Every litigator has debated this question with his/her partners: My opponent is acting pro se, and is not an attorney. Can he represent his LLC against my client? The arguments went both ways. In a single member LLC, which in some ways is like a partnership, the member is essentially representing himself. This is the same as representing oneself in court, which is allowed. But if a corporate entity is treated as a separate person from its members/shareholders, isn’t that practicing law on behalf of another?
For years, trial judges have gone both ways on this issue, until now. The Washington Court of Appeals, in Cottinger v. Employment Security Department, 162 Wn. App. 782 (2011), held that a single member LLC needs an attorney; its sole member cannot represent it under Washington State’s pro se exception to the unauthorized practice of law (the pro se exception is what allows non-lawyers to represent themselves in court). The appellate court reasoned that if one enjoys the benefits of the corporate form, he must also bear the burden, including the requirement of having an attorney in court. Id. at 790 (“Kirby chose to incorporate and enjoy the benefits of the corporate form. He must also, however, bear the burdens of that choice.”)
A bright line rule. We like it.
Must a landlord file a creditor’s claim against a lease guarantor’s estate in order to be able to later enforce it, even when there is no default in the underlying lease at the time of death?
Answer: Yes if you want to later enforce it. According to the Washington Court of Appeals in Hines REIT Seattle Design Center, LLC v. Wolf, __ Wn. App. __ (Oct. 24, 2011), failure to file a creditor’s claim will void ALL the decedent’s obligations, including those “not yet due.”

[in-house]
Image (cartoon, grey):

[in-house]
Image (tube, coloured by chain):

Here’s what happened: Hines REIT Seattle Design Center, LLC leased commercial space to Stephen Earls Corporation. The company’s president, Stephen Earl, guarantied the lease. Stephen Earl died. His estate published a notice to creditors, and sent Hines the notice. Hines ignored it. After all, the tenant corporation was not in default on its lease, so why file a creditor’s claim for an obligation that is not due? Continue reading
Forbes.com recently posted this article detailing the bankruptcy trustee’s fraudulent conveyance claims in the Michael Mastro bankruptcy. The takeaway from the article is this: There is no magic pill once you’re in trouble with creditors.
Who is Mike Mastro? Michael R. Mastro was a Seattle-based real estate developer and hard money lender. After real estate dried up in 2008, so did Mastro’s cash flow. He could not make payments to his lenders (who were in essence fronting the money that he lent to his borrowers), and they forced him into bankruptcy. Just before things got bad, Mastro and his wife madly moved assets around, trying to hide them from creditors. Continue reading
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